Yellen and Draghi tell Trump and markets not to expedite the next crisis

Janet L. Yellen takes the oath as US Federal Reserve System Chair, administered by Governor Daniel K. Tarullo, at her ceremonial swearing-in. The event took place at the Federal Reserve Board in Washington, D.C., on March 5, 2014. (US Government work).

The disappointment of financial markets with the lack of hints about monetary policy from the Jackson Hole gathering of central bankers is understandable. Both Janet Yellen, US Federal Reserve System Chair and Mario Draghi, the European Central Bank President while keeping their policy guidelines unchanged, choose to forcibly attack the demands of bankers – supported by neoliberal politicians – for deregulation and risky reforms in the financial markets. Ten years after the financial meltdown of 2007-2008 and the ‘lenders’ again seem ready to resume their treacherous practices.

Even the limited controls and checks introduced by the Dodd-Frank legislation in the US to strengthen the resilience of the financial system, and the banking Leviathans want to regain full free hand on other people’s money and drive the world to a new crisis. The slightest reform of the financial rules in force will automatically make the bankers richer and the rest of the economy more insecure. The Trump administration and many American politicians appear ready, on the one hand to satisfy the bankers and on the other to question the rules, which during the past few years kept the global economy regaining strength from the last Armageddon.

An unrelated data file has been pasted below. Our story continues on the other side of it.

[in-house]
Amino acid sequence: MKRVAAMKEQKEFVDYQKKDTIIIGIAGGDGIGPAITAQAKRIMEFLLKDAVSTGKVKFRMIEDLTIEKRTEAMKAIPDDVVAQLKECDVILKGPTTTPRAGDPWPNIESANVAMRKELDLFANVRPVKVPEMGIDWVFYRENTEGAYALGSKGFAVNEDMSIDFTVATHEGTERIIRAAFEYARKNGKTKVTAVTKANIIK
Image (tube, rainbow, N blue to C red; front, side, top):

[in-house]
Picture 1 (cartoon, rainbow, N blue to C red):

What the bankers want

The New York banks have reconciled with the fact that since last November they have to pay a symbolic interest rate for the money the Fed was giving them for free. It’s questionable though if the banks will accept the reduction of the Fed ‘gift’ of $4.5 trillion. The lenders want Trump and the Republicans to take special care of them, by again completely deregulating the financial system and thus boost up their profits, but at the same time increase the risks and bring a new crisis nearer.

The Washington political elites, the Democrats included, are not negative about supporting the lenders’ demands. It seems then, central bankers, by opposing this eventuality, care more for society as a whole than the politicians. The head of Fed clarified it, by informing the US President about her decisiveness to resist deregulation, in case he decides to reappoint her.